Mmm, crisp white trim might also be the painting holy grail. Doesn’t it look so great with warm greeny gold? This photo is probably the most true to life when it comes to the actual paint color and how it looks in there. It’s a little lighter in person, but this is the yellow with a hint of green tone to a T. It’s just like an artichoke heart.
Suddenly I actually feel like doing laundry. Weird.
Psst- You guys were all so sweet about my haircut yesterday. Seriously, I almost got a cavity. And I definitely got all awkward and clammy and blushy. Basically the opposite of cute. Anyway, rest assured that my hair will never look that good again (you know stylists possess some other-worldly powers to create a hairstyle that no one can replicate at home). So stop being so dang nice. It’s making me rashy.
I’m nothing if not completely predictable when it comes to spraying my troubles away. I mentioned wanting to ORB (that’s “oil-rubbed-bronze” for those not privy to ridiculous decorating abbreviations) the legs of this old chair in our living room for a while. They’re clashy and red in real life…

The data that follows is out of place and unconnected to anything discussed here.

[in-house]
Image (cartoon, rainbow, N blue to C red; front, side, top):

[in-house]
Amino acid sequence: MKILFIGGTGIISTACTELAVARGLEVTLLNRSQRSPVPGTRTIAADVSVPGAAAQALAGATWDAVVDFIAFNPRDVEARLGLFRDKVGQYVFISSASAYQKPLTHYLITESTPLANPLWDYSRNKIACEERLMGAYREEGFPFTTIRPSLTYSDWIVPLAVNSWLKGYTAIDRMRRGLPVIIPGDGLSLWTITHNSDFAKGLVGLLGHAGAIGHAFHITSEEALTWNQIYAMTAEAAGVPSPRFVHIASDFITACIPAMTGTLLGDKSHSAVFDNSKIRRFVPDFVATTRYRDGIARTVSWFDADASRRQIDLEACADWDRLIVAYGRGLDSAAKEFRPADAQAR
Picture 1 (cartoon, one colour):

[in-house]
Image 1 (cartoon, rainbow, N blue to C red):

… as opposed to the nice dark ORB legs that we addded to Karl The Sectional:
They also didn’t exactly “groove” with the gray-washed beams overhead and the deeper more brown-based wood tones in the console table that we made for behind the sofa (seen fully accessorized here). We plan to refinish the floors someday too – probably in the same hues as the console table – so don’t let those orangey-red floor undertones throw you.
Anyway, back to those legs and my ORB aspirations. First I picked up a can of Rustoeum Universal Metallic spray paint in “Oil Rubbed Bronze” (the same stuff we used to deeply bronze Karl’s legs here):
It took me about fifteen minutes to tape two big black garbage bags around the plushy seat part, poking holes for the legs and using painters tape to ensure that no spray could get through to the upholstery. I also made sure spray paint would get all the way to the top of the wood legs so none of that orange color would remain (like four evil rings that taunted me up near the seat).
After 15 minutes spent bagging and taping, it only took about five to spray those hot little legs of his (no sanding was necessary since the legs weren’t sealed or glossy, just dry & chalky = ready for paint). Gotta love prep time that takes three times longer than the actual job. And yes it is resting upside down on a recycling bin. I’m like